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God’s Name is Celia

10 years ago

I raced past the little currency kiosk in the Vancouver airport, dragging my luggage behind me. The small, dark-haired woman inside leaned her head to the size, a quizzical look on her face. Can I help you? she mouthed at me through the glass that separated her and her cash from passersby such as me.

I halted abruptly and directed my suitcases and myself towards the kiosk, nodding my head in the affirmative. ‘Where’s the Air Canada passenger assistance counter? I’m told it’s right around here, but I can’t see it.’

‘Right there,’ she pointed to her right. ‘It’s right there; you see where I mean? just around that corner and you’re there.’

‘Thank you,’ I tossed over my shoulder as I headed in the prescribed direction.

No one was in line at the counter, but they needed a piece of paper; I didn’t have it, only on my laptop. Flip open the laptop. It’s OK, the woman at the counter says, just tell me when you were supposed to be flying. Next Tuesday, I said, right about this time of day. She writes down the flight number and sends me off to the Air Canada desk.

The woman in the kiosk observes my passage once more.

Stand-by is as good as it gets. Thanksgiving weekend is coming up, after all, what do I expect? So it is.

I pick up a distressed voicemail from my niece; take West Jet into London. Off I go to the West Jet counter. When I reach the front of the queue and I explain my situation, the woman at the counter, draws a tape barrier, closing off her counter, ready to do anything to get me sorted out. She will get me into London by 6:00 a.m. the next day.

With three hours to wait for a flight that will take me to preocuppyingly snowed-in Calgary on my way to London, I stop at the currency kiosk to unload 20,000 Philippine pesos.

Glancing at the list of currencies for sale, I notice that Philippine pesos are not listed. I make as if to leave. ‘You don’t take Philippine pesos.’

‘I don’t sell them, but I do buy them,’ she says. Then: ‘Are you OK?’ Her hands have come to rest in front of her and her head is once more tilted to the side, her face mirroring concern. Her dark hair is piled up on her head in a time-warped sort of style, bits of it out of place, falling over her ears and down her neck.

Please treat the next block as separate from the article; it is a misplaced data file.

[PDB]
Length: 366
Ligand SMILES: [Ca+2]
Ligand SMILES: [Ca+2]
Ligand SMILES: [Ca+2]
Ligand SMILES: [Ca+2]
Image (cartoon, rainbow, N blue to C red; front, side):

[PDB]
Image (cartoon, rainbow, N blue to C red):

‘Ah, no. No, I’m not actually.’

‘Hmm,’ she murmurs. ‘I thought not. You didn’t look quite right when you passed by here earlier.’ Her voice is musical, roiling softly through the opening meant for vendor and customer communication. Her eyes crinkle, her forehead furrows, her body leans forward into the counter and the rest of the airport slips away.

‘I’ve just arrived from the Philippines,’ I blurt it all out, tears flowing. ‘I wasn’t to leave there for awhile, but, four days after he sent it, I got an e-mail from my brother telling me to come home; that our mother was very sick.’

‘Oh, beloved,’ she says. ‘Tell me about your mother. What’s your name? What were you doing in the Philippines?’

And so I talk, the tears streaming as I talk; only a few sentences. Celia, her name tag says. Celia.

‘Do you have siblings?’ she asks. ‘I have a twin…’ I begin. ‘I’m a twin, too,’ she says. ‘Two daughters and two grandchildren,’ I tell her.

She stretches her hands to reach through the opening at the counter. I take her hands, entwining our fingers. ‘Your mother loves you; do you know that.’ I nod; yes. ‘And she taught you just about everything you know. Do you know that?’ I nod again. ‘She’s so proud of you. Whatever happens, your mother loves you and you will carry her with you all of your life to come.’ I’m not sure I want to hear that.

At this point, an Indian man in search of rupees comes to the counter. Celia turns to him and smiles. ‘Do you mind,’ she says, ‘we need to finish something up here.’ He edges away; he’s not in a hurry. She turns to me once more, ‘And I love you. You are precious to me.’  I nod, as if this were completely logical. How.  Why.  Who are you?

The spell begins to break; the rest of the world begins to slip back into its place once more and I say to her, ‘I don’t think they’re telling me all there is to be told. There is no one here for me, I said, and I need to make a call to my daughter. Would you mind if I just stayed right here and made a call. And you’d be here for me if I need you?’ Celia nodded. I moved a few steps away and called Emily. ‘I’m here with Gram, Mum; we all are. Her eyes are moving about the room a bit; she’s resting comfortably. I’ll pick you up at the airport.’

‘She’s alive,’ I tell Celia. She nods. ‘You’re going to be OK,’ she says.

‘I’m going to go now.’ ‘OK.’

I walk away in search of the gate, looking for a kneeling place of some sort. I pause to look back; the man is now being served. Celia is still there.  An hour or so later, done with kneeling for awhile, I notice that the kiosk is empty; she is gone.

PS: Having spent a good bit of the 14 hours coming across the Pacific trying to distract myself by reading The Shack, tossing it under my seat, on occasion, snorting derisively, writing comments to the author in the margins, I was attuned to alternative images of God, of the Trinity as African American woman, a Semitic jeaned-Jesus and an Asian yogic Holy Spirit named Sarayu. And then there was Celia. Of course.  I arrived in London, greeted at the airport by a little throng of my family.  Mum had died three hours earlier.

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